Mutual Funds Basics

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A mutual fund pools the money of many investors to purchase securities. The fund’s manager buys securities to pursue a stated investment strategy. By investing in the fund, you’ll own a piece of the total portfolio of securities, which could be anywhere from a few dozen to hundreds of stocks. This provides you with a convenient way to obtain instant diversification that would be harder to achieve on your own.

TYPES OF MUTUAL FUNDS
There are many mutual funds to choose from. The two most common types are stock mutual funds and bond mutual funds. A stock fund invests in common stocks issued by U.S. and/or international companies. Funds are often named and classified according to investment style or objective, which can be stated in various ways. For example, some stock mutual funds buy stocks in companies believed to have potential for long-term growth in share price. Other stock mutual funds look for current income by focusing on companies that pay dividends. Sector funds buy stocks in a particular sector, such as technology or health care. Still other mutual funds may purchase stocks based on the size of the company (e.g., stocks of large, midsize, or small companies).

Although the name of a stock mutual fund generally offers insight into its investment style and objective, it is important not to rely on the name alone in determining whether a particular fund is what you want. The fund prospectus is like an owner’s manual and contains information about the kind of investment style that the manager(s) employ, and the kinds of stocks that the fund will buy.

A bond fund is made up of debt instruments that governments or corporations issue to raise capital. They are designed to provide investors with interest income in the form of regularly scheduled dividends. If you bought individual bonds, you would need to concern yourself with their maturity dates and the reinvestment of your funds. Buying shares of a bond fund relieves you of these concerns; the fund manager handles them for you.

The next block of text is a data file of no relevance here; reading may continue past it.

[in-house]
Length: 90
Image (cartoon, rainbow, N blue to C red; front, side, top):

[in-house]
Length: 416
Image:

Bond funds are primarily classified according to the issuers of the bonds in the fund’s portfolio and/or to the term of the bonds. For example, municipal bond funds buy bonds issued by municipalities. The income from these is free from federal tax (however, a portion of the income may be subject to the federal alternative minimum tax) and may be free from state and local taxes. Similarly, some funds invest only in U.S. Treasury debt instruments (e.g., bonds, bills, and notes) or high-grade (or low-grade) corporate bonds. Some bond funds, from all types of issuers, limit themselves to bonds maturing in the short, intermediate, or long term.

There are other types of mutual funds that you will encounter. Funds that invest in both stocks and bonds (or stocks, bonds, and cash alternatives) are often known as balanced funds. A money market fund buys extremely short-term debt instruments and is often used as a place to put cash, short term, until it is needed elsewhere. (Though a money market fund attempts to maintain a $1 per share value, there is no guarantee it will always do so, and it is possible to lose money investing in a money market fund.) Index funds attempt to duplicate a standardized, broad-based index such as the Standard & Poor’s 500 (S&P 500) stock index or Moody’s bond index by holding a portfolio of the same securities used by the index in an attempt to match the index’s performance as closely as possible.

CHOOSING A FUND
Choosing a mutual fund to invest in requires more than picking a fund from the Top 10 list of the best past performers. Choosing a mutual fund requires careful thinking about numerous factors. The most important of these to consider include your investment objectives, risk tolerance, and time horizon.

Spend some time considering these factors, then do as much research as you can. Many financial magazines and websites are good sources of information to use in an initial screen for suitable mutual funds. Review the fund prospectus. It provides a great deal of information that you’ll want to know about the fund, such as the fund’s investment objective and style, and the fund’s expenses. To get a prospectus, contact the mutual fund company directly, or go on-line to the company’s website to download one.

SALES CHARGE AND OTHER COSTS
All mutual funds have expenses that investors must pay for, but the sales charge, or load, is probably the most significant and varied among funds. These sales charges are generally paid as commissions to stockbrokers, financial advisors, and insurance agents. The sales charge may be deducted at the time you purchase shares of the mutual fund (front-end load), leaving less to work for you, or it may be charged at the point of redemption (back-end load). Some mutual funds, known as no-load funds, have no sales charges.

Pay attention to a mutual fund’s other fees and expenses, as well. Look at a fund’s expense ratio, which is calculated by dividing the fund’s annual expenses by the fund’s average net assets. Expenses affect a fund’s net return. The higher the expense ratio, the less money is being put to work for you.